The future of fragrance through the scent of Artificial Intelligence
You could be smelling lavender or roses in a perfume, but actually you are smelling a lab-created compound of the flowers in bloom. It’s been that way since the early 1900 with the introduction of
You could be smelling lavender or roses in a perfume, but actually you are smelling a lab-created compound of the flowers in bloom. It’s been that way since the early 1900 with the introduction of synthetic fragrance raw materials into the perfumer’s pallet. That revolution is still the driving force behind most of the great perfumes of today. While the scent of natural perfumes doesn’t last long, synthetic fragrances gave birth to the world’s best perfumes that give you unmatchable scents that are strong and last longer. Isn’t that why you’re paying for the fragrance after all?
In the fragrance business in particular, the market demands new creations every season. While synthetic perfumes are merely replicas of natural perfumes, the new technology using Artificial Intelligence identifies existing fragrances and suggests complementary additional components and formulas.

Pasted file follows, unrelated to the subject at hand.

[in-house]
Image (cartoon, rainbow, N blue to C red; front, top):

Artificial Intelligence is quite simply the next frontier of perfumery innovation and discovery. It brings together human expertise with machine intelligence to create novel, fine fragrances and measures how intensely you will smell a scent over time.
Understanding of consumer preferences and knowledge of formulas and ingredients are leading to new fragrance combinations, which allows perfumers to accelerate the creative design process and focus on perfecting their offerings.
Perfumers are now adopting a data-driven approach through a data bank consisting of fragrance formulas and fragrance families, like fruity, oriental or flowery. The system uses artificial intelligence and a treasure trove of data to create unique fragrances unthought-of and unimaginable that before.
But what about the sustainability question? Will the future of fragrance be environmentally safe and socially acceptable? Botanical innovations made
by Tom Ferns